Use LOCAL Edits—Lightroom’s “Most-Incredible” Tools (VIDEO)

Editing one’s images isn’t exactly an odious task, but many photographers, prefer to finish the job with a minimum of fuss so they get back to doing what they enjoy most—shooting photographs.

This “lazy man’s” method of image editing typically involves moving around a few sliders until the photo looks pretty good. But by making these “global” enhancements that affect the image as a whole, it’s rarely possible to achieve optimum quality and impact.

While very convenient, global adjustments neglect the fact that certain portions of a scene may benefit from a particular enhancement, while other areas require something entirely different. There’s also the fact that some parts of a photo may be perfect as is.

The solution to all this is a selective method of editing, where you apply “local” adjustments specifically to where they’re needed, while leaving the rest of the photo untouched. In the quick tutorial below, you’ll see why French pro Serge Ramelli recommends editing images in this manner, as you walks you through his step-by-step process for getting the job done.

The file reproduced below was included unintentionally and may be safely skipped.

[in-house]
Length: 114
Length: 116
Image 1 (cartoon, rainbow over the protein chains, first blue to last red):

Ramelli insists that local adjustment tools are “Lightroom’s most incredible weapons.” This approach isn’t particularly difficult; it just takes a bit more time. And after watching Ramelli’s demonstration you’ll be convinced that the extra effort is well worth the big boost in quality you’re likely to achieve.

The first step in this thoughtful method of processing involves carefully examining an image to identify areas of a shot that need work. Only then can you determine what tools are necessary to improve different parts of the image, be they linear or radial filters, a gradient tool, or something else.

In just 11 minutes Ramelli explains everything necessary for transforming a ho-hum image into a photograph that’s truly spectacular.

After watching this episode head over to Ramelli’s YouTube channel for more shooting and editing advice.

And check out another very helpful tutorial we posted recently, explaining how to use Photoshop’s powerful Free Transform tools in just two minutes.